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In Thinking Forth (also here), Leo Brodie writes:

LaFarr Stuart...didn't like the input buffer, so he implemented Forth without it, and discovered that he didn't really need an input buffer.

How is the Forth input buffer used, and how did Stuart's alternative implementation without it work?

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    Forth Inc (forth.com) have a free, downloadable pdf of "Thinking Forth". The link in the question might give missing pages.
    – UncleBod
    Sep 16, 2022 at 13:41
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    @UncleBod Thanks for the clue. I like the Google Books link because it highlights the start of the relevant text on the page, but I've added another link to that page (without highlighting) in a copy that makes the full text available.
    – cjs
    Sep 16, 2022 at 14:57

2 Answers 2

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Typically, a Forth interpreter will read an entire line of text into a buffer called "the input buffer" and will then scan that buffer, breaking it down into words which it either executes or compiles. Because Forth machines are often quite low level and lack fully dynamically allocated memory, it's hard for an implementation to read a line of arbitrary length so the input buffer is usually a fixed size and that represents the maximum line length (ignoring such modernisms as UTF-8 for now).

It seems that LaForth, instead of waiting for a new-line, merely waits for a space and so executes/compiles each word as it is typed in and does not wait for the end of the line. There's still a buffer, but it is quite a small buffer. Word size is constrained but line length is not.¹

It seems like a nice approach and probably leads to a simplified parser. but there are some issues. Ansi Forth more or less assumes that the input buffer exists and so includes words that can be used to manipulate it in various ways. I don't see how these words (which are considered standard) could be implemented in LaForth.


¹ This is described in section 1.3.1 of the LaForth book.

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  • @cjs No I don't mind. I should have cited it myself but I forgot to add it.
    – JeremyP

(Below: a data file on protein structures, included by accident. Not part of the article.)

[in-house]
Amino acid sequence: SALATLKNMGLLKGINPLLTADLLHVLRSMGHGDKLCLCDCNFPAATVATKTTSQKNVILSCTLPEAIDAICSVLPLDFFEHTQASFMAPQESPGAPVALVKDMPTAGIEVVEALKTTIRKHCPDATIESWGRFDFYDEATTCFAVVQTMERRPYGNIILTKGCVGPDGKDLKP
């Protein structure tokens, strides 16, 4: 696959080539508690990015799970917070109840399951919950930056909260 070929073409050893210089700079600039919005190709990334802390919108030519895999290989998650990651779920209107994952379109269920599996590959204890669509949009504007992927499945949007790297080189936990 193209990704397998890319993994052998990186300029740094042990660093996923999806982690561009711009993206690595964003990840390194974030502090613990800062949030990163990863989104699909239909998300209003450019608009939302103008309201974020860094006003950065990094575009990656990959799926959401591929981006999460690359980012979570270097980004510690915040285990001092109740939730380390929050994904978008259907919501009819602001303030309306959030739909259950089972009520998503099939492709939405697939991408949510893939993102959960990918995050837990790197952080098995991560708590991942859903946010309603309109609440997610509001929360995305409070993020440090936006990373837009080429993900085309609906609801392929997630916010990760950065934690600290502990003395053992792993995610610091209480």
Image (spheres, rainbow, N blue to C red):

Sep 17, 2022 at 9:01
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It depends on your interpretation of input buffer.

The answer is in section 1.3.1 of LaForth. There is an input buffer but not as most systems would interpret the meaning of the term. It only gathers one word and then interprets it immediately. It does not wait for the user to type in an entire line into a buffer before starting the interpretation process.

The question is whether the buffer used to gather the word is an input buffer. I would say it is - the terminator is a space. Some would argue that it isn't an input buffer because there is no line terminator (CR/LF). The main difference is the ability to edit the buffer. If it is interpreted immediately, the user has no chance of editing. If it waits until a CR/LF is input, the user can still edit the buffer.

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    The simple phrase "input buffer" does not imply "line" in any sense, so I agree with you. It's a buffer and it contains input. QED.
    – dave
    Sep 16, 2022 at 15:56
  • @another-dave Of course the degenerate case of this is using the A register as a one character "input buffer." :-P
    – cjs
    Sep 17, 2022 at 22:47
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    @cjs A firmware project of mine for a CPU with 16 bytes of RAM has a one bit input buffer for a button I need to know the previous and current state of. I still think of it as an input buffer, so why not? :)
    – pipe
    Sep 18, 2022 at 9:38

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